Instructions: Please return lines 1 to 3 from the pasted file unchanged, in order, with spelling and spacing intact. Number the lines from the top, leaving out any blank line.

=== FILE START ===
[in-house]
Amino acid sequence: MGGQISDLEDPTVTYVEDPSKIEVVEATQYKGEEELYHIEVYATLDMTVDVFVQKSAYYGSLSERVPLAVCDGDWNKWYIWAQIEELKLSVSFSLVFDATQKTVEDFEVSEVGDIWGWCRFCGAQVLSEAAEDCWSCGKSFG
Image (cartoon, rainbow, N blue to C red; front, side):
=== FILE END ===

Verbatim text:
[in-house]
Amino acid sequence: MGGQISDLEDPTVTYVEDPSKIEVVEATQYKGEEELYHIEVYATLDMTVDVFVQKSAYYGSLSERVPLAVCDGDWNKWYIWAQIEELKLSVSFSLVFDATQKTVEDFEVSEVGDIWGWCRFCGAQVLSEAAEDCWSCGKSFG
Image (cartoon, rainbow, N blue to C red; front, side):